Wednesday, May 30, 2012

Blog Tour: Blue Eyes by Jerome Charyn

Author: Jerome Charyn
Publisher: Road
Date of Publication: Re-issue (April 10, 2012)

A cop and his disgraced mentor attempt to bust a white slavery ring.

Before Isaac Sidel adopts him, Manfred Coen is a mutt. A kid from the Bronx, he joins the police academy after his father’s suicide leaves him directionless, and is trudging along like any other cadet when first deputy Sidel, the commissioner’s right hand man, comes looking for a young cop with blue eyes to infiltrate a ring of Polish smugglers. He chooses Coen, and asks the cadet to join his department after he finishes the academy. Working under Sidel means fast promotions, plush assignments, and, when a corruption scandal topples his mentor, the resentment of every rank-and-file detective on the force.

Now just an ordinary cop, Coen hears word that his old mentor has a line on a human trafficking operation. When Sidel’s attempt at infiltration fails, he sends in Coen. For Coen, it’s a shot to prove himself and redeem his mentor, but it could cost the blue-eyed cop his life.

I'm going to be honest from the start, I didn't finish this book.  I am pretty open minded when it comes to books. Since I have been blogging reviews, I have expanded my reading horizons significantly.   The synopsis for Blue Eyes looked very interesting, so I thought I would give it a shot.  About 3 chapters in, I was so confused that I was struggling to keep up my interest in the book. I found myself searching the internet to read more about the synopsis to figure out what was going on. This is never a good sign for me.   Blue Eyes was written in the early 70s and is the first in a series by Mr. Charyn.  I will say that it is very well written and the slang seems very authentic for 1970s New York City.  Unfortunately, I am not a fan of books filled with slang, especially when it seems the book is teeming with it.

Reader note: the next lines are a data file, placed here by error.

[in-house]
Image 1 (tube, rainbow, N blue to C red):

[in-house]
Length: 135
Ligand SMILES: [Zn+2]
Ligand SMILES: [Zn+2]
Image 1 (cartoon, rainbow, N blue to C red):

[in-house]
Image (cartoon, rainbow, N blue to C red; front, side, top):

Now, having said all that, I think you SHOULD give Blue Eyes a chance.  Especially if you are a fan of gritty street crime novels.  It has gotten rave reviews from most readers. It just wasn't for me.  I think I would have enjoyed it more had I been able to follow it better.  The series is being re-issued as ebooks. That is the great thing about ebooks, we all get a chance to read and try out older novels that have been out of print for a while.  Give this one a shot!

About the Author:

Jerome Charyn (born May 13, 1937) is an award-winning American author. With nearly 50 published works, Charyn has earned a long-standing reputation as an inventive and prolific chronicler of real and imagined American life. Michael Chabon calls him “one of the most important writers in American literature.”

New York Newsday hailed Charyn as “a contemporary American Balzac,” and the Los Angeles Times described him as “absolutely unique among American writers.”

Since the 1964 release of Charyn’s first novel, Once Upon a Droshky, he has published 30 novels, three memoirs, eight graphic novels, two books about film, short stories, plays and works of non-fiction. Two of his memoirs were named New York Times Book of the Year. Charyn has been a finalist for the PEN/Faulkner Award for Fiction. He received the Rosenthal Award from the American Academy of Arts and Letters and has been named Commander of Arts and Letters by the French Minister of Culture.

Charyn was Distinguished Professor of Film Studies at the American University of Paris until he left teaching in 2009.

In addition to his writing and teaching, Charyn is a tournament table tennis player, once ranked in the top 10 percent of players in France. Noted novelist Don DeLillo called Charyn’s book on table tennis, Sizzling Chops & Devilish Spins, "The Sun Also Rises of ping-pong."

Charyn lives in Paris and New York City.

Jerome Charyn's web site:

Jerome Charyn's Facebook:!/jerome.charyn

Jerome Charyn's Twitter:

Issac Sidel's Twitter:!/IsaacSidel

Tribute Books Blog Tours Facebook:

Blue Eyes blog tour site:
Price: $9.99
Release: April 10, 2012


The Secret Life of Emily Dickinson said...

Thanks for giving it a try. The Isaac sidel series had been compared to Pulp Fiction (even though the film came later), so if you're a fan of that film, I would recommend it.

The first chapter is free on Kindle and Nook, which is a perfect way to see if it's for you. Or you can get the TV movie, starring Ron Silver as Isaac, on Netflix. Or wait a few months - there's an animated adult TV series in the works.

Tribute Books said...

Kari, thanks for taking the time to read and review Jerome's book.